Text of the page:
they are making their political move? None the less….like the
    Ahmadies and Christians who pack their places of worship week after
    week knowing the danger that lurks for them. Keep up the good work,
    Naveen and those who wish to stand up for the humanity in
    Pakistan—that is the only way it will survive.

  2. 2 Ali Wahab

    Dear Ms. Naqvi,
    I think the attendance of Fauzia Wahab at the event itself was the necessary symbol of support to the civil society. Please note that the civil society cannot function without a strong, anchoring political party. Do you think it is easy to finish a legacy law, which no one is willing to even reason about? My mother has herself been a target of the the non-sense of this blabbering media. Last year she was accused to have committed blasphemy when she said that during Hazrat Umar’s time there was no constitution and on 7th of January, 2011, after the assassination of a very dear to us Salmaan Taseer, she said on the floor of the house that If Aafia is a daughter of the nation, then Aasia is also a daughter of this nation. Some elements in the media are out to make her life miserable too with headlines like “Salmaan Taseer kay baad, maloona Aasia kee himayat mayn fauzia maydan mayn aa gayeen”.

    One can have a personal definitive ideology but at a political party level, it is not possible. Everything takes time and with only time people realize the need for change.

    The PPP has been facing the brunt of the obscurantist forces for the last many years. In the very little pictures I saw of the event at the PMA House, I could see quite a few PPP workers in the audience. Amongst the speakers, I could Iqbal Haider as well as Taj Haider in the audience. These are all known PPP men.

    On the matter of Blind Faith, I personally saw the videos yeasterday on youtube and believe me, it is something that should be relayed on all channels. Let’s say the PTV doesn’t. Will the other channels that are there to talk of the civil society and human rights play it? No!

    Please give time to the matter. PPP has lost its people when in power and when not in power. The progressive population has to side with the PPP as it can help lead to our survival and then progress.

  3. 3 Farieha

    @Ali Wahab

    Thank you for articulating this, much of what was not known to many perhaps.

    Our grouse, as members of the civil society, is most definitely with the PPP government and its officials. It is true, that the PPP isolated Salmaan Taseer and Sherry Rehman. Rehman Malik and Babar Awan’s statements are proof of it. Nobody else came to their defense either or bothered to clarify Taseer’s stance. And now we see neither the government nor its official taking any kind of decisive action against those promoting vigilantism and hate, or even where Qadri’s punishment is concerned. Why?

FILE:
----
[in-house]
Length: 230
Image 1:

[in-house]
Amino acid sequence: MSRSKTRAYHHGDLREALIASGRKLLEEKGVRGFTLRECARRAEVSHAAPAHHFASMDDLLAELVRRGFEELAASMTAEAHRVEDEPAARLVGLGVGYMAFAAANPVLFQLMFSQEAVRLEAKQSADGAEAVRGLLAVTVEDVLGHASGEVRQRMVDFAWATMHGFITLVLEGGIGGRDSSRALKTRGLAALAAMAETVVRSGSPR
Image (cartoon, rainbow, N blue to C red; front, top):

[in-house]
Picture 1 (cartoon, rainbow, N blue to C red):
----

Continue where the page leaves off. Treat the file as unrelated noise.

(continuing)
It is not the duty of the unprotected masses to take this matter up, but of those in government. But since they have not, civil society has been at the forefront, putting its neck on the line.

    What we would have liked at the reference was for the PPP to articulate a party position and government position, to tell us where it stands on the issue and what it intends to do about it. But that did not happen. We were hoping your mother would do that for us, as we thought she was there as a PPP representative.

    As for other PPP supporters present at the reference, Mr Iqbal Hadier does not Identify himself with the ruling PPP. He was there in an individual capacity.

  4. 4 Ali Wahab

    Ms. Frieha, On the matter of Mr. Iqbal Haider, I said he is
    a known PPP man. Yes, he is currently not active with the party,
    but that doesn’t mean he is with some other political ideology. I
    think you are a journalist yourself (assuming you are the same
    Frieha from Newsline), you should know who is with you and who is
    not. From the very outset, it is the PPP who has lost a charismatic
    worker and leader in the shape of Salmaan Taseer’s assassination.
    Can you please name one civil society member who is on the
    forefront and has lost his or her life? There is always a step by
    step move. Yes there are elements in the PPP who said something
    which was not appropriate. The party firstly has to build consensus
    and it will in due course. Just wait a little. Statements do not
    matter when there is a direction and policy. Policy making takes
    time. Have you ever heard the PPP saying that Jihadi forces are
    good for Pakistan or Pakistan needs to follow the taliban system of
    governance? If you recall, the Hudood Ordinance repeal took more
    than 3 years of discussion at various forums and yet there was no
    consensus on it. PPP was not in power yet it provided the necessary
    votes for the repeal. had it been one of those parties that oppose